Observations from (almost) 100 Online Student Self-Introductions & Advice for Better Results

Concurrent Session 4

Brief Abstract

“Introduce yourself on the discussion forum and reply to your classmates.”  Who has not seen this in an online class?  Educators hope the students will meet, establish community – instead another task is checked, with nothing gained. Discover strategies to combat this phenomenon and create value in the self-introduction exercise.

Extended Abstract

Some form of “Introduce yourself on the discussion forum and reply to your classmates” is a nearly ubiquitous feature of the online course experience.  As educators we hope the students will indeed meet one another, become acquainted, and begin to establish the social presence necessary to build community.   Instead, too many students see tasks “as boxes to be quickly checked off a task list” (Simonds & Brock, 2014, p. 11).  This tendency is especially true of younger learners, who are now appearing in greater numbers in online courses.  Helping students overcome the unfortunate propensity to under-value activities can better capture the benefits of collaborative engagement and increase motivation (Feeley & Parris, 2012).  As part of a long-running online course, students were asked to introduce themselves using a talking picture approach and respond to one another.  This session will offer the discoveries made in a study of approximately one hundred such student self-introductions, in five sections of a graduate level online educational technology course, encompassing a total of two hundred ninety-one discussion forum posts.  The course was taught within a Blackboard Learn 9.x environment and required students to create a self-introduction using Fotobabble, to which they linked from within a discussion forum post.  Students’ own reactions and perceptions from interviews will be shared.  Additionally, the assumptions made about the timing and structure of this introduction activity as well as its immediate and lasting value will be disrupted by the data gathered.  All of the lessons learned and important next steps will be shared in our time together.  Session attendees will leave with new ideas and the tools necessary to implement them in their own online courses.  Resources will include re-usable assignment language, a scoring rubric, and practical advice for creating the kind of value we hope for when we ask students to introduce themselves to one another in an online course.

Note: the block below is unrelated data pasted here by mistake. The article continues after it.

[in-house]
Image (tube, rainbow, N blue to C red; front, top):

Feeley, M. and Parris, J. (2012). An Assessment of the PeerWise Student-Contributed Question System’s Impact on Learning Outcomes: Evidence from a Large Enrollment Political Science Course.

Simonds, T. and Brock, B. (2014). Relationship between age, experience, and student preference for types of learning activities in online courses. The Journal of Educators Online, 11(1).